That said, there is some evidence to suggest that heavy marijuana users could suffer from permanent short-term memory loss. Those who smoke weed daily and have done so for a long time, may be at risk of having lower levels of verbal memory as they get older. This is when compared to those who either don’t use weed at all or do so minimally.
What Are the Long-Term Effects of Cannabis on Memory?
Higher doses of weed taken frequently could have an adverse effect on long-term memory. As we already mentioned above, those who consume a lot of weed over a long period of time could develop poorer verbal memory recall.
The question is, how much of the memory is impaired? We will be looking at the information gathered from the study done at the University of Lausanne (referenced above) to address this question.
Close to 3,400 Americans participated in the study over a 25-year period. Testing verbal recall, researchers found that those who smoked every day could recall 8.5 out of every 15 words on average. On the contrary, those who smoked less or didn’t consume weed at all could remember 9 out of every 15 words.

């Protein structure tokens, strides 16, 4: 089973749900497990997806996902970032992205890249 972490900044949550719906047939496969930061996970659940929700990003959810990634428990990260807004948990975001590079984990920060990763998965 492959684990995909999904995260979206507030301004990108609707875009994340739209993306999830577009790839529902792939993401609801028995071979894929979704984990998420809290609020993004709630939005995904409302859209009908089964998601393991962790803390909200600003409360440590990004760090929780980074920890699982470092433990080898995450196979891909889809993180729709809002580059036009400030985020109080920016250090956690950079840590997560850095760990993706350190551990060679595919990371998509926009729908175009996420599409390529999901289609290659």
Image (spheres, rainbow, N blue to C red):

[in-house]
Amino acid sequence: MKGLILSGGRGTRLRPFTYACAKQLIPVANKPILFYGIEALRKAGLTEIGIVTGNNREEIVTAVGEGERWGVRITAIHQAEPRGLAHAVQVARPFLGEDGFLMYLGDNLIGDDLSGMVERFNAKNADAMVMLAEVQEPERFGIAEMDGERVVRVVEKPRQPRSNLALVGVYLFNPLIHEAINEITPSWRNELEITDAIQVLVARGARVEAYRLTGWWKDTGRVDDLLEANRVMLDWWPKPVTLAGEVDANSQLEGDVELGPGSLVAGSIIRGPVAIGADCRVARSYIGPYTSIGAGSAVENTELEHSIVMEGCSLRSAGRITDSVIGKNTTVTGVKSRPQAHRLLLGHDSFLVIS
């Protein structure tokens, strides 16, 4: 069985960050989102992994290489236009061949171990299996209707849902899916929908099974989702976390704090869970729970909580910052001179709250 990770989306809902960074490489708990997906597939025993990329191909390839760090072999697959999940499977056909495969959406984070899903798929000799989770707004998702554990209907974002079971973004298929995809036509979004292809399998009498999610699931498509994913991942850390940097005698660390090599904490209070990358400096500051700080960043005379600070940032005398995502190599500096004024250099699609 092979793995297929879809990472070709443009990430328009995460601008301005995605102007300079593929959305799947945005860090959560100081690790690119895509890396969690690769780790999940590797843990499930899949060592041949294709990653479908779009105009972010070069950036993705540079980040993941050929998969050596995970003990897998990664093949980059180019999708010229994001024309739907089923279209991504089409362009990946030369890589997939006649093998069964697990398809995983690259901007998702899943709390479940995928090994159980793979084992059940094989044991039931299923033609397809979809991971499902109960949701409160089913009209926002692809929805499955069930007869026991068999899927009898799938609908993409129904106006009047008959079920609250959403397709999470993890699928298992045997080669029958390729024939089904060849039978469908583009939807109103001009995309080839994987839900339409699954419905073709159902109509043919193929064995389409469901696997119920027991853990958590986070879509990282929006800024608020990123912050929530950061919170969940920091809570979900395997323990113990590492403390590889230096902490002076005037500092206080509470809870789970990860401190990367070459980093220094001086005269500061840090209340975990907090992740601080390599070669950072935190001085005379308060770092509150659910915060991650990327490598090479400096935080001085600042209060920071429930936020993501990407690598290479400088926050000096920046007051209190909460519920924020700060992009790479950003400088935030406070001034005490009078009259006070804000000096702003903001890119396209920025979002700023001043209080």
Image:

Although the difference of half a word doesn’t appear to be much, the study suggests that the longer users consumed weed chronically, the worse their memory could get. Only 8% of those who participated in the survey considered themselves to be frequent users.
Final Thoughts on Cannabis and Memory
We’re only just beginning to understand how cannabis affects the brain and memory. However, based on the studies that have been done, the adverse effects seem to be slightly exaggerated.
While further research on cannabis and memory impairment is necessary, there is some evidence to suggest that heavy, long-term use may have an impact on one’s memory. That said, most short-term effects of weed on the memory are temporary.
Ultimately, it’s essential to recognize that although there is not likely to be any significant harm to an individual’s memory if they experiment with marijuana, existing research seems to suggest that the more frequent the use, the higher the risk.